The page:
(Almost) All about the Women in Valladolid

in 60th Valladolid International Film Festival

by Živa Emeršič

The FIPRESCI prize went to the Turkish-French coproduction Mustang by first time director Deniz Gamze Erguven. We chose it not only because it is a daring little story told by a courageous young director, and not just for the beautiful camera work, but also (or above all) for sinking into the abyss of the inequality of women. Yes, today. Yes, today more then ever. The opening sequence of school adolescents bathing together in the river is all about hair and bodies, voices and movements, a wakening sexuality of bursting young women. Five orphaned sisters are taken under severe custody by their grandmother and their bachelor and ultraconservative uncle. He, above all other characters in this deeply emotional, yet harsh movie, is the very incarnation of the traditional, patriarchal and macho Turkish society. He behaves like the master of the game, even taking the liberty of exercising his male right to (ab)use one of his nieces for his pleasure. The pattern of the society where these young women are supposed to spend their lives is strongly set, not only within the social and family frames, but is de facto surrounded by walls which are being built and raised up higher and higher throughout the film. But this is not the 18th century, and the young women will not give up easily.Three of them would fail or just give up, but the youngest two – not a coincidence but a strong message – would eventually make it to Istanbul, a symbol of liberalization in Turkish society. It remains unclear, as it is in real life, what happens next, but at least they won a chance. The freedom for women is the chance to try to exercise their will regardless the consequences.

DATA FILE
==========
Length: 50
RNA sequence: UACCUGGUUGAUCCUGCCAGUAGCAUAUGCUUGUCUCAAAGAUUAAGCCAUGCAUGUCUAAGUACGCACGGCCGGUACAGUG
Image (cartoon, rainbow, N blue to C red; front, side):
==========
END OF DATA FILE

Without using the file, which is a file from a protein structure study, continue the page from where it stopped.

Beautifully put together and carefully dealing with a delicate topic to avoid Turkish censorship, Mustang examined the same grey matter explored in numerous films in this year SEMINCI selection. Boundaries exist in all forms around the world, but it is obvious that some are set to close on women in far more radical forms as one would expect.

In Andrew Haigh’s 45 years, Kate (the marvelous Charlotte Rampling) is working hard to keep her marriage above the water after the discovery of a tragedy in her husband’s past, which had influenced their whole life together. She is a modern woman of the western world, vulnerable and emotional, but also smart and witty. At the peak of her effort to deal with the past she gives up and chooses to walk away. No satisfaction is to be expected. But at least she tried, for 45 years.

The old woman in Naomi Kawase’s Sweet Red Bean Paste (An) is a quiet fighter, persistent in her own way.  A humble peasant, struck from early age by a disease that made her a social outcast, finds her chance of dignity at a local sweet shop. Preparing sweets from an old recipe she turns the shop and its miserable tenant into a success, which is to be abruptly cut off by a human inclination to evil. But at least she tried and left something behind – a strong message for young people that dignity and freedom of choice is worth fighting for.